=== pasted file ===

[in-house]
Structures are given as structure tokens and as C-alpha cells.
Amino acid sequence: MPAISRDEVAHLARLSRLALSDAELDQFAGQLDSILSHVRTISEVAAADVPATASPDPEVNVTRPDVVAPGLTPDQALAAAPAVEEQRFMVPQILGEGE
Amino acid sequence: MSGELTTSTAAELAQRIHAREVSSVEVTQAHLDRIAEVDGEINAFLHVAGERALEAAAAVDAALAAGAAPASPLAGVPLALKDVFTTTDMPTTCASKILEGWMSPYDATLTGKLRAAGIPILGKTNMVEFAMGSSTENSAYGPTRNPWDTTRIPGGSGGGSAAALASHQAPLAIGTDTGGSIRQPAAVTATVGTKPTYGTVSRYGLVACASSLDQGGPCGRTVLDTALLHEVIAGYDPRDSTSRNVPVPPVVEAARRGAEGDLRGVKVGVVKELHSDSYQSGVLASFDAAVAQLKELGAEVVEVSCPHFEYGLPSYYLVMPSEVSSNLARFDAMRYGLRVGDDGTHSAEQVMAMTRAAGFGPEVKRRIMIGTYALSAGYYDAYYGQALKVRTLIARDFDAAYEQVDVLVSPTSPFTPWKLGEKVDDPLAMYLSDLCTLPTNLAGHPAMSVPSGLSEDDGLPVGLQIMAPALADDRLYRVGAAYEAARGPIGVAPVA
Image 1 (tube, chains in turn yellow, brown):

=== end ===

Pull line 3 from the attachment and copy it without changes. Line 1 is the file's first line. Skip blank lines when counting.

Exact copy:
Amino acid sequence: MPAISRDEVAHLARLSRLALSDAELDQFAGQLDSILSHVRTISEVAAADVPATASPDPEVNVTRPDVVAPGLTPDQALAAAPAVEEQRFMVPQILGEGE